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Fifty Shades of Grey review: Fifty Shades of blah, blah, blah

All talk, few results

50shadesreveal

Film: Fifty Shades of Grey

Director: Sam Taylor-Johnson

Studio: Focus Features

Release date: Feb. 13

Grade: C

Fifty Shades of Grey is not bad, nor is it good; it is neither black nor white. It’s just grey.

This reviewer sat all alone on Valentine’s Day among loving couples to see the long-awaited release of the romantic-torture-porn-drama of the decade.

Director Sam Taylor-Johnson (Nowhere Boy) and screenwriter Kelly Marcel (Saving Mr. Banks) premiered the film to thousands of fans over the weekend. Fifty Shades of Grey came out Friday andmade a record-setting $81.7 million over three days in its debut weekend, crushing records set by Valentine’s Day’s $63.1 million-grossing President’s Day weekend release, according to Variety.

“Fifty Shades of Grey” is the controversial brainchild of author E.L. James.

The book seemed to spring into pop culture because it displays a fantasy of the innocent days of first discovering the power of sex.

The film stars Dakota Johnson (Anarchy) as Anastasia Steele, a seemingly timid college senior majoring in English literature with a 4.0 GPA. Her background remains unclear, however, as the exposition is hastily covered in the first 10 minutes.

There is a sense that her background simply doesn’t matter to the overall plot of the film.

She meets uber-wealthy, well-dressed and unrealistically charming Christian Grey, played by Jamie Dornan (The Fall). Christian takes a liking to Anastasia, and the feeling is obviously reciprocated.

But Christian has a deep, dark secret Anastasia must accept if she wants to continue seeing him.

The secret: Christian’s insatiable BDSM fetish.

This “secret” never truly feels like a secret, simply because the big reveal happens so quickly in the movie.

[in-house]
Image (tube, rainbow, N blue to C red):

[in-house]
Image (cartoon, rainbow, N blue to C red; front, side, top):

Therein lies the film’s biggest problem: the pacing.

At first the film seems very self-aware of where it is going – that is, it knows what the audience is waiting for: the torture-porn romance it’s known for.

It is in such a rush that our captains at the helm, Taylor-Johnson and Marcel, do not even for a second give us any real development to these characters besides the fact that Anastasia has a 4.0 GPA (and knows how to control a GPS, another laugh-inducing line).

After Christian lets Anastasia in on his fetish, the movie kind of just … stops.

If you read the book, however, you already knew that.

For moviegoers who were waiting to see what all the commotion was about, you’re in for an unsatisfying result.

Our two “heroes” talk, negotiate, play around and joke about Christian’s fetish until Anastasia finally submits (pun-intended) to his contract.

The problem is, it’s nothing.

By the time they actually get down to it, an hour and a half into the movie, you think to yourself, “Wasn’t this movie only supposed to be two hours?”

This entire controversial romance now only exists in two one-minute whip and chain scenes.

Then the movie just ends, with almost no resolve.

In the book “Fifty Shades of Grey,” E.L. James wrote the tale of a sadomasochistic romance between a simultaneously confident and insecure, wealthy businessman as he domineers a girl just discovering her sexuality.

To the film’s credit, both Dornan and Johnson are up to the challenge of bringing their novel counterparts to life and are fully committed to the raunchiness behind the book as it is translated to the big screen.

But the film lacks in emotional and psychological weight and, as a result, we only get “blah blah blah” and not much else to talk about.

It’s only average.

email: arts@ubspectrum.com


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